Second Helpings

Deja Revu: It's rerun time on television, so I thought this might be a good time to do some restaurant-food reruns, too. I returned to several places I'd enjoyed in the past to see if they still lived up to my plaudits. These three do:

Centro Cafe & Bakery, 15820 North 35th Avenue, 939-3383. This place has gone big time, moving from its tiny 24th Street and Thomas location to the former digs of Mike's Golden Crust. Now there are lots of seats, a pizza oven, a bakery and a liquor license. Fortunately, the food is still as cheap, plentiful and tasty as it was before.

Pasta dishes like manicotti, lasagna and orechiette portofino--pasta tossed with rock shrimp and scallops in a spicy tomato sauce--still shine. So does the chicken scarpara, chicken and sausage moistened by a lemon white-wine sauce. The sandwiches, fashioned with thick pita bread, continue to stand out. And the chef shows he knows how to put together a pizza. The model topped with meatballs, artichokes, tomatoes, capers and cheese makes for mighty fine eating.

When you consider that almost everything goes for under 10 bucks, and focaccia and soup or salad come gratis with most dishes, Centro Cafe & Bakery remains one of this town's better values.

Arizona Kitchen, Wigwam Resort, 300 East Indian School, Litchfield Park, 935-3811. This gem may be the Valley's best-kept restaurant secret. A few years ago, with the help of a researcher who studies Native American foods, the talented chefs here put together one of the best Southwestern menus around. The food, vigorous and provocative, is just as good as I remembered it.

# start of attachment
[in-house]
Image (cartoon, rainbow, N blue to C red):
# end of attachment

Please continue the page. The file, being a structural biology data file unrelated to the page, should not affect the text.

How many Valley restaurants offer appetizers like the duck confit burritos (mini-chimichangas, really), paired with a head- turning strawberry-pecan relish? The blue corn piki rolls are stuffed with shredded capon, spinach and goat cheese. And if greenery is your thing, try starting off with a salad fashioned from wild greens and grilled quail. Of course, you could dispense with appetizers entirely and fill up on the wonderful blue corn muffins and jalapeno fry bread that come to the table, along with warm, cardamom-scented honey to pour over them.

Main dishes like sea bass dusted in mesquite flour, buffalo sirloin in a cabernet, vanilla bean chile-negro sauce and venison medallions in a blackberry zinfandel cocoa sauce can take your breath away. So can the guajillo chile ice cream, topped with a chocolate cabernet sauce and served in a striking blue "bowl" of hardened sugar. It's the Valley's prettiest dessert.

Such Is Life, 3602 North 24th Street, 955-7822. It's not only one of the Valley's best Mexican restaurants, it's also one of the Valley's premier restaurants, period. The nopal polanco appetizer--prickly pear cactus leaves draped with chihuahua cheese--is heavenly, especially after you spoon on any of the trio of sparkling homemade salsas. Among the main dishes, the chicken mole is ravishing. The cochinita, pork cooked Yucatan-style in an achiote sauce, isn't far behind.

--Howard Seftel

Suggestions? Write me at or New Times, P.O. Box 2510, Phoenix,


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